This article will explore the way advanced diesel engines help our world today. We’ll break down how the advantages and disadvantages of diesel engines will impact their use going forward.
What are the uses of diesel in daily life?
Since 1897, diesel engines have shaped our world. To fully understand the importance of diesel, it helps to see just how many industries are powered by vehicles with diesel engines.
When most people think of diesel engines, they think of eighteen-wheelers hauling goods down the highway. While this is a common application, many other vehicles rely on the durability and efficiency of diesel engines.
Trucking: The trucking industry relies heavily on four types of advanced diesel vehicles—vocational, light commercial, medium-duty and heavy-duty:
- Vocational vehicles include refuse trucks, dump trucks, concrete mixers and other vehicles are high-idle, low average speed applications.
- Light commercial vehicles like vans, pickup trucks and utility vehicles need the high power-to-weight ratio that diesel engines provide.
- Medium duty vehicles like box and flatbed trucks require the power to get products where they need to be—on time and without breakdown.
- When it comes to the icon of shipping, heavy-duty vehicles thrive with diesel power, some engines with the capacity to provide 565 hp and 2050 lb-ft torque. This includes vehicles from eighteen-wheelers all the way to heavy-haul vehicles.
Public transit: Some transit and school buses depend on the reliability of advanced diesel engines to run each and every route smoothly and efficiently.
First responders: Concern about whether or not their engine will start is the last thing first responders need when responding to emergency calls.
Defence: Whether keeping equipment running on the battlefield or along supply chains, military companies across the globe use diesel engines. See how Cummins Inc. powers the U.S. Army with opposed-piston technology that boosts power and heat rejection capabilities.
You don’t have to stay on the highways to see diesel engines in action. Whether keeping farms powered or fuelling massive mining equipment, advanced diesel engines are reducing emissions without sacrificing productivity.
Agriculture: When it comes to helping farmers move food from their fields to our tables, no one knows how to keep their equipment up and running quite like Cummins. The company has powered agriculture for over 100 years with over one million Cummins engines currently running for the world’s farmers. Recent innovations deliver higher torque so small tractors and sprayers can conquer even the toughest field conditions.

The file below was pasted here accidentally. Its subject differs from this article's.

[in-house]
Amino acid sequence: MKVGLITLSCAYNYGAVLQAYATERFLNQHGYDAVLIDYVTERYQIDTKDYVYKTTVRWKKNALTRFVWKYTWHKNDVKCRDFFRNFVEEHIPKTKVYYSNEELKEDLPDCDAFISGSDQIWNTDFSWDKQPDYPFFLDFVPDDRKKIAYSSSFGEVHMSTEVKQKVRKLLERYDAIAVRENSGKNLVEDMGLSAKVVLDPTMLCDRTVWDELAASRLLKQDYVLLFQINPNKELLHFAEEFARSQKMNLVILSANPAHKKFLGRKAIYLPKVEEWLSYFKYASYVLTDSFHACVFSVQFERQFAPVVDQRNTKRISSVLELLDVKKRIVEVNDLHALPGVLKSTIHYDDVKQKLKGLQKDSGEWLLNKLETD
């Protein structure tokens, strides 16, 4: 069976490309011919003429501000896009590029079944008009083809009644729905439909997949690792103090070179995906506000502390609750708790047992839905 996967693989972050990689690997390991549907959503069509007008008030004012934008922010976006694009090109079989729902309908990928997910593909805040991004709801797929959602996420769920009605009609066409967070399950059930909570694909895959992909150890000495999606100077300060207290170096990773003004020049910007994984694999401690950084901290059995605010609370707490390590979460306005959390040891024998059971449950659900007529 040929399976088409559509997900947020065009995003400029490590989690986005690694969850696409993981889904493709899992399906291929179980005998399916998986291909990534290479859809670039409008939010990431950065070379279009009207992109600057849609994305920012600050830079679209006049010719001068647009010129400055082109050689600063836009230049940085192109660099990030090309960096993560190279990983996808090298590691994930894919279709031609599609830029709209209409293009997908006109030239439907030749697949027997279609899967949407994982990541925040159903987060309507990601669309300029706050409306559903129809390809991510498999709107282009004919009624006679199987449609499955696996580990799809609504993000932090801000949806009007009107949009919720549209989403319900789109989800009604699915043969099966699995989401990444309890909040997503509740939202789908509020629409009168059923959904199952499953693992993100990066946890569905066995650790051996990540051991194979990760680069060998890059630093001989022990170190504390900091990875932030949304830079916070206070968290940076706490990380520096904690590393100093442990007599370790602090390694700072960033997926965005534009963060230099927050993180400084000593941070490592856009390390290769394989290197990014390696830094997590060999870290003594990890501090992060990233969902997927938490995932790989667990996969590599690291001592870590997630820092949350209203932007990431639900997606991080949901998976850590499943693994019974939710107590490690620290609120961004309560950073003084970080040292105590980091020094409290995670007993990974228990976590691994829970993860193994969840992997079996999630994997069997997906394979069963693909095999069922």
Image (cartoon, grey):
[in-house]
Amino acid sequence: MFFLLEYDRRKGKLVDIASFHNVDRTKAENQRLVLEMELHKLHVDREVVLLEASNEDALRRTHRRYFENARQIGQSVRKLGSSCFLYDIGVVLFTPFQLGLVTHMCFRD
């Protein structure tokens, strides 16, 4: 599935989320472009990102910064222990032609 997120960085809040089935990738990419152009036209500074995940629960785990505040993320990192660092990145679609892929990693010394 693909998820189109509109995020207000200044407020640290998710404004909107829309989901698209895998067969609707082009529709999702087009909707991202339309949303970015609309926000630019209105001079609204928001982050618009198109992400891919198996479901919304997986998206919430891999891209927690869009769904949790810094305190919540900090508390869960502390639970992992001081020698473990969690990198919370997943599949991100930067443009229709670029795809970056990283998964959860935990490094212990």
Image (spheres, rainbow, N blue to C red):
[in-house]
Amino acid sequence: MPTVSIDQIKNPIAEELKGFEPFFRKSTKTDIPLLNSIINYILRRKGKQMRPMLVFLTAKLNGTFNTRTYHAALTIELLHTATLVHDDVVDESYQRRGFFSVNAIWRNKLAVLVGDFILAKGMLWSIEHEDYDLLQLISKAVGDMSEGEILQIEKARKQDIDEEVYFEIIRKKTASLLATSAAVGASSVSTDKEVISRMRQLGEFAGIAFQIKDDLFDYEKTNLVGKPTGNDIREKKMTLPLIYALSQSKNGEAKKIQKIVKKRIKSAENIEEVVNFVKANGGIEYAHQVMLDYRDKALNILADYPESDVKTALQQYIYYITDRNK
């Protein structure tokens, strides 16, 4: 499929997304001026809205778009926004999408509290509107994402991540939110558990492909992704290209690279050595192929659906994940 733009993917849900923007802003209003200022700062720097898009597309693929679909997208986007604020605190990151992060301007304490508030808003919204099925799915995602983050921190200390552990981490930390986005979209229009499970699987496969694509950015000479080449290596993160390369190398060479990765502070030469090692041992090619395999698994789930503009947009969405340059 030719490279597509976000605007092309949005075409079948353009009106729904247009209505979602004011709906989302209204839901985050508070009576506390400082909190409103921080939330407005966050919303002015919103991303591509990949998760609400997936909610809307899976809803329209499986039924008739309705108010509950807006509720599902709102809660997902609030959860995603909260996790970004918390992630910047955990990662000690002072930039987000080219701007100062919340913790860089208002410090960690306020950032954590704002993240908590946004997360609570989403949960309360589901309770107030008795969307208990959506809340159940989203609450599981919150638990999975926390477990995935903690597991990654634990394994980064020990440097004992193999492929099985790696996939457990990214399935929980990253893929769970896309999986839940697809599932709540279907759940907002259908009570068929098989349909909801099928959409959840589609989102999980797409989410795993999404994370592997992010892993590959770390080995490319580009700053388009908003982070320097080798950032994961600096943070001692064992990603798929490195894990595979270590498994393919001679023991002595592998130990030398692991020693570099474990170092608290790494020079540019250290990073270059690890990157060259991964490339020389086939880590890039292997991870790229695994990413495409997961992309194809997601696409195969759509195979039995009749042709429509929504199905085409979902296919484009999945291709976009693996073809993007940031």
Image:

Construction: When it comes to construction, time is money—so are resources. Advanced diesel engines like the Cummins X12 and X15 increase load capabilities and use less fuel.
Mining: Advanced diesel engines like the QSK60 offer more uptime and productivity while lowering emissions, keeping mines operating and moving toward a greener future.
Diesel fuel isn’t just for powering engines, either. Other uses for diesel fuel include both commercial and residential generators, so you can keep your lights on and equipment running when the grid shuts down.
Are engines powered by diesel fuel better than those powered by gasoline? What about compared to other fuel alternatives? These are some of the many frequently asked questions about diesel engines.
Overcoming the disadvantages with advanced engines
Environmental: Does diesel help the environment? It all depends on what you compare it to. Diesel engines are more fuel efficient than gasoline engines, so they release less emissions per mile. But when compared to alternative fuel sources like natural gas and hydrogen, diesel engines pollute more. Through Cummins' Destination Zero mission, Cummins engines are reducing greenhouse gasses and air pollution. How are they doing it? By improving powertrain components, their engines emit less CO2 (GHGs and NOx) and CH4. They are also expanding our technology portfolio to support hydrogen, near zero natural gas, and electric power options.
Advantages of advanced diesel engines
Reliability: Who likes turning their key and listening to their engine sputtering before failing to start? Diesel engines are very reliable, having fewer parts like spark plugs that can break. That also means that maintenance is quicker and cheaper for diesel engines. Diesel engines can also run for over 1,000,000 miles. For example, gasoline engines can run for about 200,000 miles.
Efficiency: While diesel fuel costs more at the pump than gasoline, you get what you pay for. The Audi A3, Volkswagen Jetter and Chevrolet Cruze gas powered models were compared to their diesel counterparts. Diesel engines gave up to 8 more mpg in the city and 10-12 more mpg on the highway. Why does diesel have better fuel economy? It comes down to engine construction–diesel engines use denser fuel and operate on lower RPMs.
Diesel engines are here for the long-haul with help from new, key innovations shaping the engine we know today. With Cummins, you can count on the most advanced diesel engines that make no compromises for functionality or efficiency. Cummins offers dependable engines for various needs, be it reliable eighteen-wheelers, rugged farm equipment or upgraded firetruck fleets.
Article courtesy: Cummins